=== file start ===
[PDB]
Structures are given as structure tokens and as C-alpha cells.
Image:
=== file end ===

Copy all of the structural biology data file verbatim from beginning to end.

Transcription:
[PDB]
Structures are given as structure tokens and as C-alpha cells.
Image: